If you’re trying to decide whether to have one big national sales meeting or a series of regional meetings to train your sales reps on a new product, take it from someone who has been on both sides of the meetings business and go for the smaller meetings. Dave Johnson, CEO of hotel management company Aimbridge Hospitality, used to work for Wyndham Hotels & Resorts where he led a sales force of about 1,000 trying to bring in meetings. Now he has about 50 sales reps working for him and must coordinate meetings to train those reps. His preference is for several smaller meetings as opposed to a single large meeting.
“If I’m trying to have a meeting where a lot of the content is around training, I’ve found smaller meetings to be much more effective in terms of generating the desired return on investment,” says Johnson. A good comparison can be made to your college classes. Did you learn more from the classes held in big lecture halls with 200 students, or from the smaller classes where there was more opportunity for dialogue with the professor and other students? Chances are, it was the latter, and the same is true for meetings. “If I’m trying to train people to be more effective at their jobs, smaller meetings are much more effective because of the ability to interact,” says Johnson.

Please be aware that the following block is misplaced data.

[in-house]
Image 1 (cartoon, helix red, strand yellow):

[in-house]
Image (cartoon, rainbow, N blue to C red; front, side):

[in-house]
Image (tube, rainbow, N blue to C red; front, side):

He has the supporting data to prove it. Aimbridge Hospitality tracks each salesperson’s performance and in almost every case, that performance improves after a regional meeting, says Johnson. “The feedback from our leadership is extremely positive that people are much more effective in a shorter period of time because of our use of smaller meetings.”
Here’s another compelling reason to hold smaller, local meetings: you’ll save money. Johnson estimates companies with sales forces distributed across the United States can save about 50% on airfare by holding regional meetings instead of bringing everyone to one destination. Improved training results for less money? That’s a formula on which every sales manager can agree.